Complete Broadband Video-over-UTP Driver and Receiver Solution for RGB, YPbPr, and More
Signals transported over UTP cable suffer from three major impairments that degrade video quality
- Nonlinear bandlimiting due to the skin effect, resulting in signal dispersion and loss of high frequency signal content. This impairment results in loss of image sharpness and dark streaking.
- Low frequency flat loss due to resistive loss that reduces image contrast.
- Delay skew between the four twisted pairs that stems from the unequal twist rates (lay lengths) which are used to minimize crosstalk between the pairs. Delay skew produces color errors in the received image due to the misalignment in time of the three received signals.
The solution shown in Figure 1 overcomes these impairments by using the AD8122 triple receiver/ equalizer to restore the high frequency content of the video signals while also providing flat gain. The AD8120 triple skew compensating, analog delay line adds delay to the two earliest arriving signals such that the three received signals are properly aligned in time. The AD8147 triple driver provides the required single-ended-to-differential conversion of the source video signals.
Figure 1. Equalized and Delay Compensated UTP Driver and Receiver (Simplified Schematic: All Pins, Connections, and Decoupling Not Shown)
Figure 2. Simplified System Block Diagram for Video-over-UTP System
There are a number of options with regard to drivers besides the AD8147. The AD8146 provides the same functionality as the AD8147 but does not include the dedicated sync-on-commonmode circuitry. The AD8146 is usually used in systems that place the vertical and horizontal synchronization pulses in the blanking intervals of the video signal instead of on the common-mode voltages. The AD8148 is the same as the AD8147 but has a fixed gain of four instead of two, and it can be configured to provide pre-emphasis to drive up to 100 feet of UTP. For systems that require lower power consumption, the AD8133 and AD8134 provide the same functionality as the AD8146 and AD8147, respectively, and consume less power, but they have less bandwidth. Finally, for the lowest cost systems that can run on 5 V, the AD8141 and AD8142 CMOS drivers may be the best choice.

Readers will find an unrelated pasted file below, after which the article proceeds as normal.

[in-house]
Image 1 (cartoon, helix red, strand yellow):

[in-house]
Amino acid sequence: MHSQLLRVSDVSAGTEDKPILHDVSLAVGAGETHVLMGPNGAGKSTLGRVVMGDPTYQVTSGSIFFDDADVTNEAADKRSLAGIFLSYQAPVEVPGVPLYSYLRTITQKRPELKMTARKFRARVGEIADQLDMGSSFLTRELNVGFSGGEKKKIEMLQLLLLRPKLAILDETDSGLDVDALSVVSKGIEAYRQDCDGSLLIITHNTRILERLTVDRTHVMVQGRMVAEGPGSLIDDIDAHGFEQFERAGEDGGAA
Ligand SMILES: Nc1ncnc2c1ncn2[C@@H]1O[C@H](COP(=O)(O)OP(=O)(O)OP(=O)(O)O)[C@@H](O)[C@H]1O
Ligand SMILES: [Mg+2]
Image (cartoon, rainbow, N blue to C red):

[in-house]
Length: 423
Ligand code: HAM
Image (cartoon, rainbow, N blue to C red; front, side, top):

UTP installations vary widely and can cover wide areas, pass through multiple patch bays, and at times have no ground reference. These and other conditions can cause large fluctuations in the received common-mode voltage relative to the local receiver ground reference. Placing a flat gain differential receiver with a wide common-mode range, such as the AD8143, in front of the equalizer can provide up to 21 V of input common-mode range in these demanding situations.
The AD8122 and AD8124 both support coaxial cable as well as UTP cable. The AD8122 can be pin strapped to either mode, and the AD8124 uses a VPOLE control to modify its frequency response to support either cable type.
The following equipment is needed:
- An UXGA video source (laptop computer)
- The EVAL-CN0275-TX-EBZ transmitter evaluation board
- The EVAL-CN0275-RX-EBZ receiver evaluation board
- ±5 V power supplies (two: one for the TX board and one for the RX board)
- Cat-5e cable, 100 feet through 1000 feet in 100 foot increments (Stellar Labs U5E-24-CMR-665, MCM Electronics #24-10510)
- An UXGA video display
The simplified block diagram of the test setup is shown in Figure 11. After connecting the equipment, standard video tests can be used to perform end-to-end testing.
Figure 11. Video-Over-UTP Auto Adjust Test Configuration Functional Block Diagram
|AD8120||Triple Skew-Compensating Video Delay Line with Analog and Digital Control||
|AD8122||Triple Differential Receiver with 300m Adjustable Cable Equalization||
|AD8147||Triple Differential Driver for Wideband Video||